"From the way things were going, and the judicial system, and who is in control, it could have been worse. For the people who were just convicted of mischief, I was surprised at the time they got. I think everybody was," says Bronson. While she expected three to five years for herself, she believed the unarmed camp inhabitants would be given community service, not six months imprisonment. Pena wasn't expecting to be sentenced at all for her charge of mischief to private property. "It was very strange to be in jail. Everyone in there has been convicted for drugs, murder, assault, so I felt out of place."
Born into a well-off family and university educated, Bronson also doesn't fit in with her jail-mates. But she warns against judging those in custody, who come from backgrounds of abuse, poverty and neglect. "Just because I have money and education doesn't mean I'll be better off down the road," she says. "I just want to go back to the farm and have this baby, and set up a place to teach Indian people the traditional ways." Bronson and her mother would provide the supplies, food and clothes, while Rosette shows young people the traditional ways. He has already been speaking to the native bands in the Gustafsen Lake area to explain and make amends for the standoff.
For Bronson, passing on traditional culture is a natural extension of her own beliefs. "What I learned in the past couple of years... has given me the spiritual strength to be able to hold my head up, even though doomsday is ahead," she says. "There is hope still, and it comes through respect for nature and the Creator, and knowledge of the land." Bronson no longer thinks guns are the right answer, saying no one wins in a war. "I wouldn't do it again. But I don't regret it. It was a big learning experience involving stress, hardship and pain."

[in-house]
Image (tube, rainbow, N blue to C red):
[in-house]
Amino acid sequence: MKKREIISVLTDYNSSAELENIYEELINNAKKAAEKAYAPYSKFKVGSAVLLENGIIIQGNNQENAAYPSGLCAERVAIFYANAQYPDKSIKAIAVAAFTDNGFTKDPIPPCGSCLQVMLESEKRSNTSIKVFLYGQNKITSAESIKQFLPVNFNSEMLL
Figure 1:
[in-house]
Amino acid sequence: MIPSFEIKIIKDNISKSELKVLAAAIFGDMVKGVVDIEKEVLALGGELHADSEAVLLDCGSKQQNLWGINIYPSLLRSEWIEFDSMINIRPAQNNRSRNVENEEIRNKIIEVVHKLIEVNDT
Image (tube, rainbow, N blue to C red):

One thing is certain - Gustafsen Lake was the first, and last, spiritual standoff, says Pena. During the trial, the RCMP made no secret of their desire for armoured personnel carriers and machine guns, to prepare for future civil disobedience. "I guess that freedom is for everybody else except the Indian people, to have freedom of religion and speech is for everyone except the Indian people," says Pena.
(Coming soon: some Gustafsen Lake defenders refuse to forgive or forget.)
S.I.S.I.S. encourages those who wish to respond to this article to also send their
letters to the University of Victoria Student Newspaper, The Martlet, at
The Martlet featured a rebuttal to the Monday article which is posted below. Monday has not, as of December 30 1997, published any of the letters sent to them regarding this article (see letters following the Martlet rebuttal).
Here we go again.
As if the mainstream media weren't complicit enough in the genocidal exercises known as the Gustafsen Lake standoff and trial, along comes an article in the Nov. 27 Monday Magazine that continues the misinformation campaign against the Ts'peten Defenders.